On August 10, 2009, a husband and wife, their son, and their son’s wife were arrested in Sacramento on charges of car insurance fraud. The family members are accused of faking the theft of a vehicle in order to claim insurance money.
The accused are Amjad Javaid, 53; his wife Zarina Javaid, 43; their son, Fahad Javaid, 24; and their son’s wife, Fatima Javaid, 23. The alleged theft took place on October 3, 2006, when the Javaids filed a claim with their insurance company (Hartford) for the theft of a 2003 Range Rover. Later the same day, police found the SUV in San Jose. It had been set on fire and was in unsalvageable condition.
According to a statement by Insurance Commissioner Steve Poizner, all four have been charged with conspiracy, presenting a false oral or written statement to the insurance company, and knowingly presenting a false claim to the insurance company. All except for Zarina Javaid are also being charged with arson.
The false oral statement charge stems from statements that the Javaids made to Hartford the year of the alleged theft. They reported that the vehicle had been stolen from in front of their house in Elk Grove on October 2. They claimed that no one was home at the time and that the theft was discovered upon returning.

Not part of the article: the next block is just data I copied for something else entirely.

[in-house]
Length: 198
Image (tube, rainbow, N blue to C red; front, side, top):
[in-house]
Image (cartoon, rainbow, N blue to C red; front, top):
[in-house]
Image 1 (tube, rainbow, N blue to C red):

Investigators, however, learned that the Javaids had lied about where they were on the day of the alleged theft; investigators also learned that the Javaids had likely been suffering financial difficulties at the time, which suggested a motive for insurance fraud. Hartford Insurance Company denied the Javaids’ claim, which would have required a $50,000 payment to the family.
The sentence for car insurance fraud, if the Javaids are convicted, would be up to five years in prison for each family member, and/or a $10,000 fine for each convicted individual.
Cars being lit on fire to justify car insurance claims have become more common in the past several years as the economy has declined. James Quiggle, a representative of The Coalition Against Insurance Fraud, says that the recession has been a serious factor: “A growing number of stressed-out consumers around the U.S. are ditching unwanted vehicles to try and stop them from falling off a financial cliff in the recession.”
Police in the Las Vegas area alone found more than 70 burned-out cars in 2008 in spite of the increase in availability of cheap car insurance. The U.S. Fire Administration has released 2007 statistics indicating that 20,500 cars were set on fire in that year alone.
Lt. Robert Duvall of the LVPD Auto Theft Unit urges people not to try to commit car insurance fraud by destroying their vehicles: “Take the hit on your credit or whatever, don’t commit this crime. What you’re risking in injury far outweighs anything you’ll gain financially.”